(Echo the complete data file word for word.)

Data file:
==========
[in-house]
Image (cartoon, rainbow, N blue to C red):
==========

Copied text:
[in-house]
Image (cartoon, rainbow, N blue to C red):